Crepis occidentalis Nutt.
western hawksbeard (largeflower hawksbeard; Western hawksbeard )
Asteraceae (Aster family)

Introduction to Vascular Plants

Photograph

© Chris Sears     (Photo ID #8785)


Map

E-Flora BC Static Map

Distribution of Crepis occidentalis
Click here to view the full interactive map and legend

Species Information

General:
Perennial herb from a taproot and stem-base; stems erect, 1-3, densely and closely grey-short woolly-hairy, or nearly glabrous in age, often glandular-stiff-hairy above, sometimes with black glandular bristles above, 5-40 cm tall.
Leaves:
Basal leaves long-stalked, toothed, with the teeth pointing backwards, or deeply pinnately cut with lanceolate or linear toothed lobes, these entire, abruptly sharp-pointed or with long-pointed tips, mostly 1-3.5 dm long, the blades grey-short woolly-hairy, or nearly glabrous in age; lower stem leaves similar to the basal leaves, becoming reduced, linear and entire upwards.
Flowers:
Heads with strap-shaped flowers, 2-25 in a flat-topped inflorescence; involucres 11-19 mm tall, cylindric or bell-shaped; involucral bracts grey, short woolly-hairy with or without gland-tipped hairs, the longest outer ones usually less than 1/2 as long as the inner, triangular or egg-shaped, abruptly sharp-pointed, rarely linear, the inner ones lanceolate, abruptly sharp-pointed or with long-pointed tips with membranous margins; ray flowers yellow, 16-19 mm long.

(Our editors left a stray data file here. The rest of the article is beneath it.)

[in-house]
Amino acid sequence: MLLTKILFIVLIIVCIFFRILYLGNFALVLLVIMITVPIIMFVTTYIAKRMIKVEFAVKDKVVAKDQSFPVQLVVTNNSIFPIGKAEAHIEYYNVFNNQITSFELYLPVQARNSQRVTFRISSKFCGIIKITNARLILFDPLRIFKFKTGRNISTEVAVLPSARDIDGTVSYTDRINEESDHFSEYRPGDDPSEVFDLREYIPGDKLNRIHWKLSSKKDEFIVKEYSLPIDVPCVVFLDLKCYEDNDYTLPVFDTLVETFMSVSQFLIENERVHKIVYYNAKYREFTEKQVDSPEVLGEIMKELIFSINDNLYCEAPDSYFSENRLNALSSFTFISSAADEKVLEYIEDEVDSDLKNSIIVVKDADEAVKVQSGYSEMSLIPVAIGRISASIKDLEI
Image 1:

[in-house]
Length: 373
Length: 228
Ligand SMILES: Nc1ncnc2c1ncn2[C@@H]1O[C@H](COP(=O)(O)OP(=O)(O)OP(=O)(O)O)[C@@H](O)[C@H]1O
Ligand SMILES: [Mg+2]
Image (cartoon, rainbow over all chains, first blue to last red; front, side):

Fruits:
Achenes, light to dark brown, 6-10 mm long, spindle-shaped, 10- to 18-ribbed, only slightly tapering to a slender tip; pappus white to yellowish-white, of copious, soft, hairlike bristles.
Notes:
Three subspecies, sometimes difficult to separate, occur in BC.

1. Involucres with at least some gland-tipped hairs.

2. Largest heads 18- to 30-flowered, with 10-13 inner involucral bracts.................. ssp. occidentalis

2. Largest heads 12- to 14-flowered, with 8-9 inner involucral bracts....................... ssp. costata (A. Gray) Babc. & Stebb.

1. Involucres without gland-tipped hairs..................... ssp. pumila (Rydb.) Babc. & Stebb.

SourceThe Illustrated Flora of British Columbia

USDA Species Characteristics

Flower Colour:
Yellow
Blooming Period:
Late Spring
Fruit/Seed characteristics:
Colour: Brown
Present from Spring to Summer
Source:  The USDA

Ecology

Ecological Framework for Crepis occidentalis

The table below shows the species-specific information calculated from
original data (BEC database) provided by the BC Ministry of Forests and Range.
(Updated August, 2013)

Site Information
Value / Class

Avg

Min

Max

Elevation (metres)
833 500 1050
Slope Gradient (%)
40 8 65

Aspect (degrees)
[0 - N; 90 - E; 180 - S; 270 - W]

261 150 350
Soil Moisture Regime (SMR)
[0 - very xeric; 4 - mesic;
8 - hydric]
2 1 4
Modal Nutrient Regime
Class
C
# of field plots
 species was recorded in:
8
Modal BEC Zone Class
BG

All BEC Zones (# of stations/zone) species was recorded in

BG(5), IDF(3)

Habitat and Range

Dry grasslands and shrublands in the steppe zone; all subspecies frequent (ssp. costata, ssp. occidentalis) or rare (ssp. pumila) in SC BC, frequent in SE BC (ssp. occidentalis); E to S AB and SD, S to NM and CA.

SourceThe Illustrated Flora of British Columbia

Synonyms

Synonyms and Alternate Names:
Crepis occidentalis var. nevadensis Kellogg p.p.
Crepis occidentalis var. nevadensis Kellogg
Psilochenia modocensis subsp. subacaulis (Kellogg) W.A. Weber
Psilochenia occidentalis subsp. conjuncta (Jeps.) W.A. Weber